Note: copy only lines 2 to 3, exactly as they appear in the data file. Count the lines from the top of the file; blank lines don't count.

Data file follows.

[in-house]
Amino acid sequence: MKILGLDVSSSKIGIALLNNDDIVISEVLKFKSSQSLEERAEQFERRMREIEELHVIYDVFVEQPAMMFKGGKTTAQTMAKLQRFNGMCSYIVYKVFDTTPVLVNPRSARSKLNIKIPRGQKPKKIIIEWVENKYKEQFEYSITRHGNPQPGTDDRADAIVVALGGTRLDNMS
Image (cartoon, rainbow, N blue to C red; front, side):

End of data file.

Amino acid sequence: MKILGLDVSSSKIGIALLNNDDIVISEVLKFKSSQSLEERAEQFERRMREIEELHVIYDVFVEQPAMMFKGGKTTAQTMAKLQRFNGMCSYIVYKVFDTTPVLVNPRSARSKLNIKIPRGQKPKKIIIEWVENKYKEQFEYSITRHGNPQPGTDDRADAIVVALGGTRLDNMS
Image (cartoon, rainbow, N blue to C red; front, side):